Elantra: strong contender in the compact segment

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The 2017 Hyundai Elantra sedan gets a brand-new look for the model year and plenty of improvements, including better fuel economy.

2017 Hyundai Elantra Eco: Another snoozer?

Price: $21,610 as tested. A base model starts at $17,150.

Marketer's pitch: "It all adds up."

Conventional wisdom: Edmunds.com likes that "classy and thoughtfully laid-out interior design; cabin is quiet at highway speeds; lots of technology and safety features," but not the "underwhelming 2.0-liter engine performance" or that the "base SE gets sparse standard features."

Reality: More like a sleeper, as in unexpected contender.

What's new for 2017: All-new styling makes the Elantra much more attractive these days. And Hyundai has managed to make enough incremental improvements in the Elantra that now it's quite a strong contender in the compact segment.

Fuel economy: If you're going to call it Eco, I'd better start here.

I last tested the Sport version, and I found performance to be worthy of the designation - but the fuel economy was not so strong at 28 mpg.

But this time I achieved a tick under 36 mpg. Doing this without any hybridization strikes me as Eco mission accomplished.

Up to speed: The 1.4-liter engine creates 128 horsepower, about the lowest number I've seen in a long while. I found the performance to be adequate; still, no necks were snapped in the making of this review.

A Sport mode is available (in addition to Eco and Normal) and this made the acceleration a bit more lively.

On the curves: Sport mode also helped the car handle less like a boat. Winding roads don't provide a feeling of joy, but there's a tinge of fun in them when Sport is selected. This is a dramatic improvement over previous models.

Shifty: And even the seven-speed automatic transmission didn't remove the last traces of excitement, either; the shift function was clear and felt better than many Hyundais I've tested in the past.

I didn't find the Elantra hunting around for the right gear when I left it in automatic mode. Stop-and-go traffic could leave a bit of lurching here and there, especially before a full warm-up.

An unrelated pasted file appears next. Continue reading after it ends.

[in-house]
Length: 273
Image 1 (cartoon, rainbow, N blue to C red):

One episode worth noting, though: While rounding a corner and downshifting, either I put the car in first inadvertently or it went on its own, but for close to 10 seconds it would not upshift. I let off the gas, and moved the lever into Drive, but it only shifted when it was good and ready. Prospective buyers should check this story against other sources to see whether this might be a problem rather than just a one-off.

Driver's Seat: The Elantra seating position has a lot of lumbar support, and left me feeling as if my head were two feet farther back than my spine.

The seat also rides very low to the ground, and a lack of straight up-and-down mobility exacerbates this feeling. Tall drivers, though, should feel fairly accommodated by the headroom.

Friends and stuff: Rear-seat passengers will find legroom and foot room a bit on the short side. Headroom is fairly adequate, especially considering the Elantra's size.

A middle passenger doesn't have a large hump to contend with, but the front-seat console intrudes into foot space quite substantially. The seat also sits up higher, making cornering a potential king-of-the-hill knockdown.

The trunk volume is a respectable 14.4 cubic feet.

Play some tunes: Hyundai gives the Elantra its upgraded stereo, with dials for volume and tuning, and a row of buttons underneath to select sources.

But plenty of touchscreen interface time means that accessing all the features can be challenging. Scrolling through the screen to pick a song was especially exasperating, as the system thought I was picking a song while I was scrolling, but then was balky when I actually attempted to pick a song.

The sound rates a B+; it's pretty clear but misses a bit of midrange tones.

Keeping warm and cool: Dials control the temperature for driver and passenger separately, while buttons turn the fan up or down, and also select where the air comes from. Pretty simple.

Night shift: The Elantra headlights actually leave drivers in the dark. My usual routes over rolling Pennsylvania slopes mean that, in many locations, seeing was a challenge.

Add to that overly bright map lights and driving after sunset could be a real challenge.

Where it's built: Montgomery, Ala., and Ulsan, South Korea.

How it's built: Consumer Reports expects its reliability to be average, same as in 2016. Previous models had rated a bit better. The 10-year, 100,000-mile warranty is still a great bonus.

In the end: After years of liking the looks of the cute Elantra but not much else, I'm really starting to like the Elantra. But the headlights and the seat give me pause.

ssturgis@phillynews.com 215-854-2558